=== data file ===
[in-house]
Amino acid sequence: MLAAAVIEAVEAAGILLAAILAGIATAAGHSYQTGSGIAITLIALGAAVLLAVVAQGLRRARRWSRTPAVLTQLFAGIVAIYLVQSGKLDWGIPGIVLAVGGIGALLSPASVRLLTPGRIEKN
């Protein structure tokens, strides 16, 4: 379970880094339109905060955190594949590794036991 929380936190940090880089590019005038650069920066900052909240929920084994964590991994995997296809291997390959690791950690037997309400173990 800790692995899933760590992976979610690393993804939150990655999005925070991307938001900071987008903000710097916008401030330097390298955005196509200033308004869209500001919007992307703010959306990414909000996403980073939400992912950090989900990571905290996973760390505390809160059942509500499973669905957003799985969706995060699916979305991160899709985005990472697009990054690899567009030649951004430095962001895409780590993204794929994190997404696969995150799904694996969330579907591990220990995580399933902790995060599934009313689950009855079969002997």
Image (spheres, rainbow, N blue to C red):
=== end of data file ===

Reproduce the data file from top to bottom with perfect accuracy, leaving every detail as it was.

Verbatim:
[in-house]
Amino acid sequence: MLAAAVIEAVEAAGILLAAILAGIATAAGHSYQTGSGIAITLIALGAAVLLAVVAQGLRRARRWSRTPAVLTQLFAGIVAIYLVQSGKLDWGIPGIVLAVGGIGALLSPASVRLLTPGRIEKN
């Protein structure tokens, strides 16, 4: 379970880094339109905060955190594949590794036991 929380936190940090880089590019005038650069920066900052909240929920084994964590991994995997296809291997390959690791950690037997309400173990 800790692995899933760590992976979610690393993804939150990655999005925070991307938001900071987008903000710097916008401030330097390298955005196509200033308004869209500001919007992307703010959306990414909000996403980073939400992912950090989900990571905290996973760390505390809160059942509500499973669905957003799985969706995060699916979305991160899709985005990472697009990054690899567009030649951004430095962001895409780590993204794929994190997404696969995150799904694996969330579907591990220990995580399933902790995060599934009313689950009855079969002997």
Image (spheres, rainbow, N blue to C red):